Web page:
joe45c Well-Known Member Supporting Member

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    I can't cook a egg, so i will knock off a few beers and sit this one out.:cheers:
     
  7. flboots

    flboots Well-Known Member

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    1lb bacon
    hash browns
    6 eggs.
    put bacon in skillet till crispy, take off, put hash browns in bacon grease till golden brown and crispy. take out of skillet. put in eggs cook over easy. add toast and fresh cowboy coffee. Place hot food on platter, put on table in front of me. than stand back. Not responsible for fork stabbings withing arms reach.
     
  8. gdmoody

    gdmoody Full Time Moderator Moderator Supporting Member

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    You forgot grits!
     
  9. LIKTOSHOOT

    LIKTOSHOOT No Power Options Supporting Member

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    So! It didn`t come with cooking instructions.
    The truth is out there.
    :lol:
     
  10. flboots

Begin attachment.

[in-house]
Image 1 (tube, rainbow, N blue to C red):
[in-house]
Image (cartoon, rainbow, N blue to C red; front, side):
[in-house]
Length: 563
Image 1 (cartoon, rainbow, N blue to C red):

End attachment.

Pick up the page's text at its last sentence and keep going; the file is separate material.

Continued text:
flboots Well-Known Member

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    Im a displaced Yankee. LOL
     
  11. BlackEagle

    BlackEagle TFF Chaplain Supporting Member

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    Aberdeen Rowies
    I've never made these; I buy them from the shop. Delicious warmed up or cold with some butter on them.

    Some background: http://slowfoodaberdeen.com/traditional-buttery

    A unique breakfast item associated with Aberdeen City & Shire. Butteries are very popular in and around Aberdeen City & Shire but, until recently, virtually unheard of elsewhere.
    The buttery has a distinctive crispy, flaky, flattened structure and a pronounced buttery, salty taste and its crisp shortness is balanced with a chewy elasticity.